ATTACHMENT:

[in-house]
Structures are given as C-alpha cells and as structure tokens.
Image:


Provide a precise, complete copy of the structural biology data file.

[in-house]
Structures are given as C-alpha cells and as structure tokens.
Image: